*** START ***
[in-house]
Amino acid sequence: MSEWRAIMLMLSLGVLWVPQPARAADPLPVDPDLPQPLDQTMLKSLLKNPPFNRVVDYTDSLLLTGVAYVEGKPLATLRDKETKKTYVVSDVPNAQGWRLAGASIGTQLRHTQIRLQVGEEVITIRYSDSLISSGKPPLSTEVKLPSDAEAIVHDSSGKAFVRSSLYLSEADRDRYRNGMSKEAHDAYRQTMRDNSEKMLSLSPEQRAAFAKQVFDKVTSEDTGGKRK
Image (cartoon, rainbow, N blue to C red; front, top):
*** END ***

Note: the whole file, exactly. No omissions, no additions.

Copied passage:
[in-house]
Amino acid sequence: MSEWRAIMLMLSLGVLWVPQPARAADPLPVDPDLPQPLDQTMLKSLLKNPPFNRVVDYTDSLLLTGVAYVEGKPLATLRDKETKKTYVVSDVPNAQGWRLAGASIGTQLRHTQIRLQVGEEVITIRYSDSLISSGKPPLSTEVKLPSDAEAIVHDSSGKAFVRSSLYLSEADRDRYRNGMSKEAHDAYRQTMRDNSEKMLSLSPEQRAAFAKQVFDKVTSEDTGGKRK
Image (cartoon, rainbow, N blue to C red; front, top):